Sanders' Union Fourth Reader: Embracing a Full Exposition of the Principles of Rhetorical Reading, with Numerous Exercises for Practice, Both in Prose and Poetry, Various in Style, and Carefully Adapted to the Purposes of Teaching in Schools of Every Grade

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Ivison, Phinney, Blakeman & Company, 1867 - 396 páginas

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Página 41 - The sound must seem an echo to the sense : Soft is the strain when Zephyr gently blows, And the smooth stream in smoother numbers flows ; But when loud surges lash the sounding shore, The hoarse, rough verse should like the torrent roar : When Ajax strives some rock's vast weight to throw, The line too labours, and the words move slow ; Not so, when swift Camilla scours the plain, Flies o'er th' unbending corn, and skims along the main.
Página 41 - Tis hard to give thee up, With death so like a gentle slumber on thee ; And thy dark sin — oh ! I could drink the cup If from this woe its bitterness had won thee. May God have called thee, like a wanderer, home, My lost boy, Absalom...
Página 26 - Before him went the pestilence, and burning coals went forth at his feet. He stood, and measured the earth: he beheld, and drove asunder the nations; and the everlasting mountains were scattered, the perpetual hills did bow: his ways are everlasting.
Página 379 - Thou, too, sail on, O Ship of State! Sail on, O UNION, strong and great! Humanity with all its fears, With all the hopes of future years, Is hanging breathless on thy fate...
Página 45 - An angel-guard of loves and graces lie ; Around her knees domestic duties meet, And fire-side pleasures gambol at her feet. Where shall that land, that spot of earth be found? " Art thou a man — a patriot ? look around, O thou shalt find, howe'er thy footsteps roam, That land thy country, and that spot thy home.
Página 331 - Earth claims not these again! Yet more, the Depths have more! Thy waves have rolled Above the cities of a world gone by! Sand hath filled up the palaces of old, Sea-weed o'ergrown the halls of revelry!
Página 149 - And a deer came down the pathway, Flecked with leafy light and shadow. And his heart within him fluttered, Trembled like the leaves above him, Like the birch-leaf palpitated, As the deer came down the pathway. Then, upon one knee uprising, Hiawatha aimed an arrow ; Scarce a twig moved with his motion, Scarce a leaf was stirred or rustled, But the wary roebuck started, Stamped with all his hoofs together, Listened with one foot uplifted, Leaped as if to meet the arrow ; Ah ! the singing, fatal arrow,...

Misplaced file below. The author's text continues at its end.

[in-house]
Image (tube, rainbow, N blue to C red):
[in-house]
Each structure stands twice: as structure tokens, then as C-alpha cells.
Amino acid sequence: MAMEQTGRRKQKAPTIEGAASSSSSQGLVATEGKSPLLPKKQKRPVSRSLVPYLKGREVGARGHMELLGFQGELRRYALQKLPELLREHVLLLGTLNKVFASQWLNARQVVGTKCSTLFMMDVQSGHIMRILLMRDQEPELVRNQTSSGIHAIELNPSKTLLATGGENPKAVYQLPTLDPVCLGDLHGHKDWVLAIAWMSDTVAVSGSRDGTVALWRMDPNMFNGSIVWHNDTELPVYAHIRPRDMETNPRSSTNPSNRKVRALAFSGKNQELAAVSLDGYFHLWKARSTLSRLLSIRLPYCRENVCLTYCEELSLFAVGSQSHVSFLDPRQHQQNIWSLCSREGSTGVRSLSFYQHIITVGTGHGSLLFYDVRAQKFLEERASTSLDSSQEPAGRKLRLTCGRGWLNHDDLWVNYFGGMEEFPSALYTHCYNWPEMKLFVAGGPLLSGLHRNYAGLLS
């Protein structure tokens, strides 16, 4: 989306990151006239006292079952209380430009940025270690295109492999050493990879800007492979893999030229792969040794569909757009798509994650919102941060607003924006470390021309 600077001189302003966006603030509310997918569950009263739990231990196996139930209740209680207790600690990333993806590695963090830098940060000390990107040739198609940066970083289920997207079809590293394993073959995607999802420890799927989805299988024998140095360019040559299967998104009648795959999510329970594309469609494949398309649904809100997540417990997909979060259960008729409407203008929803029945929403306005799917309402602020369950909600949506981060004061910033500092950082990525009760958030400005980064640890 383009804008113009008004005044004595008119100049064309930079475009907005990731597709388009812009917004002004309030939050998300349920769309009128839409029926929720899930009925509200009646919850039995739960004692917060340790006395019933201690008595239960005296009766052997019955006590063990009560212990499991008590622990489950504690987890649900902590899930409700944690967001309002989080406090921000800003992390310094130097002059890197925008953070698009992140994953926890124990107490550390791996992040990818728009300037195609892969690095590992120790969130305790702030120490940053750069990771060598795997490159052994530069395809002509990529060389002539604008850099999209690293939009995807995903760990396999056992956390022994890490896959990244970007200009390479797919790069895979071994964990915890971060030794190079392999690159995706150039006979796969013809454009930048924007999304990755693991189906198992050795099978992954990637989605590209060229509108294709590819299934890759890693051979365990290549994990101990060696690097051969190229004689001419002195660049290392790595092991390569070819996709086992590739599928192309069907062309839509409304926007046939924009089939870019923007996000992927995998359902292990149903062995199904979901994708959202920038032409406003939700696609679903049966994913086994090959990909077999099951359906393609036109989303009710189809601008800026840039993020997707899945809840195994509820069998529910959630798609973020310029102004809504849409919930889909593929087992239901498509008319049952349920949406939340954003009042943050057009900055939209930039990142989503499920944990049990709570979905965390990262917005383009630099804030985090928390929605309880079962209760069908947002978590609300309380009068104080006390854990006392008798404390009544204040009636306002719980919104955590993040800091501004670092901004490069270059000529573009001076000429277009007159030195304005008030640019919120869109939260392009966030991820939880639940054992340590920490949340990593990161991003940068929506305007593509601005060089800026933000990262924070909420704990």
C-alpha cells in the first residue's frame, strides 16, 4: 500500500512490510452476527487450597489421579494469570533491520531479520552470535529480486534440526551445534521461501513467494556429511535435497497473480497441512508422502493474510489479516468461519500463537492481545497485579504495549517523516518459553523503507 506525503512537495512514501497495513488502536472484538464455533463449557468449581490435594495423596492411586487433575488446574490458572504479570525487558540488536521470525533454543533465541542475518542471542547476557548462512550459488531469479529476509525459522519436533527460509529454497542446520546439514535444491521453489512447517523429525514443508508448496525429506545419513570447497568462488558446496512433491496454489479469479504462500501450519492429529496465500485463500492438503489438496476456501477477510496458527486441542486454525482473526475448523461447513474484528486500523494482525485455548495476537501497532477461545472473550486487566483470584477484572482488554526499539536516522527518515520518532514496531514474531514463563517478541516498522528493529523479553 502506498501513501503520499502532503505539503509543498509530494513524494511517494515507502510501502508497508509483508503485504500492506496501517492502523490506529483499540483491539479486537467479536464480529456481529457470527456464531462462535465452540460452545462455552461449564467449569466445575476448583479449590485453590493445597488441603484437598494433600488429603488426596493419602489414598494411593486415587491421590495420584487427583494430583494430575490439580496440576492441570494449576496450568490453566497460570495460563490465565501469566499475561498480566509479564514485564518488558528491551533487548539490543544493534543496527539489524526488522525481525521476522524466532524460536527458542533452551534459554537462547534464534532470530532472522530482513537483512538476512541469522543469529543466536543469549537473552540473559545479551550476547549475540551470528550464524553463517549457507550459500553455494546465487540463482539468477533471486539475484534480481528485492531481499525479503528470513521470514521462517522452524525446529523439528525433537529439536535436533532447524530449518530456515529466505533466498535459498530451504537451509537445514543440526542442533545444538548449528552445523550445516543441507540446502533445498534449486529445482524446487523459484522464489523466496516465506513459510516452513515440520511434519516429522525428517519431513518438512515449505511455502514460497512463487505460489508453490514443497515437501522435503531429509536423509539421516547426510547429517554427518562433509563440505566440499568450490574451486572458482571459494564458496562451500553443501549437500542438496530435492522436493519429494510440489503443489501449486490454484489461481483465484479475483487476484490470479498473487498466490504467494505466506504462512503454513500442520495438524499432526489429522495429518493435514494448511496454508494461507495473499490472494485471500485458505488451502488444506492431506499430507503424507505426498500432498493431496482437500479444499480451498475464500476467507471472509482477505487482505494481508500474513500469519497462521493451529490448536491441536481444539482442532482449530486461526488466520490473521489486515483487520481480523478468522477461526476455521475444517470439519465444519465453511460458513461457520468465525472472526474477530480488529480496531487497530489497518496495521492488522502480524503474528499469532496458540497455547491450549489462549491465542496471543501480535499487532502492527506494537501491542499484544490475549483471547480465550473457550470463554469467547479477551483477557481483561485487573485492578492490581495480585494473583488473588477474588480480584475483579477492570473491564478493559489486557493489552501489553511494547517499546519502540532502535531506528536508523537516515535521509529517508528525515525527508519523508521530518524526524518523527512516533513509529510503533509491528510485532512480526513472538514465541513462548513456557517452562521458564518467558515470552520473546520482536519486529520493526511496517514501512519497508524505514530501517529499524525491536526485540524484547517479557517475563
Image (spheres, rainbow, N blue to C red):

Página 96 - For there is hope of a tree, if it be cut down, that it will sprout again, And that the tender branch thereof will not cease.
Página 146 - Daughter Betsey," said the mint-master, " get into one side of these scales." Miss Betsey — or Mrs. Sewell, as we must now call her — did as she was bid, like a dutiful child, without any question of the why and wherefore. But what her father could mean, unless to make her husband pay for her by the pound (in which case she would have been a dear bargain), she had not the least idea. "And now," said honest John Hull to the servants, "bring that box hither.
Página 373 - To crimson glory and undying fame, But base, ignoble slaves — slaves to a horde Of petty tyrants, feudal despots, lords Rich in some dozen paltry villages, Strong in some hundred spearmen, only great In that strange spell a name.

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